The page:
Cutting the gear to be carried down to a minimum, I had 20m ropes of 8mm and 9mm, a belay plate and a sling for a harness, all fitting into an SRT kit bag, with my mask and hood in another. Clad in 3 layers of neoprene, I was ready for the cold water, especially after doing my longest cave dive in a beautifully clear Kingsdale Master Cave a couple of days before. Having the luxury of a whole week off work, I had a leisurely start to the day, arriving in the dale at 1 pm and after a quick coffee from my flask, I was soon changed, apart from the problem of getting my rash vest to pull down over my wetsuit. Thankfully, a chap was walking down the road with his terrier and gave me a hand – turned out to be Jack Nadin of the Burnley club, who wished me an enjoyable trip before continuing his walk. My biggest concern about the trip had been finding the entrance without ‘The Navigator’ being in tow, but lining up the stone circle and noting a familiar tree, I was soon climbing down the jagged entrance pitch and beginning the slightly arduous entrance series.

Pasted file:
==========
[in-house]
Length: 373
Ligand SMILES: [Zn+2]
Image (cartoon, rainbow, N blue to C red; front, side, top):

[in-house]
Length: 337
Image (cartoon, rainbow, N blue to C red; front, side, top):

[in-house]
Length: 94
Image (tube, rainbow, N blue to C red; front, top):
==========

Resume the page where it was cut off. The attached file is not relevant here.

Whilst not being particularly intimidating, the crawling passages to the 2nd pitch go on enough for one’s mind to wander during the monotonous repetition of movement and rather like the bizarre way one’s mind jumps chaotically when on a lonely lead of a climb, I recall analysing such diverse matters as the shapely bottom of the lass at the filling station, why militia fighters always drive Toyota pick-up trucks with a 50-cal machine gun on the back and what the guy in Children of Bodom is singing about! I guess this is just a way of putting discomfort to the back of one’s mind until more concentration is required – either that or I’m a total lunatic.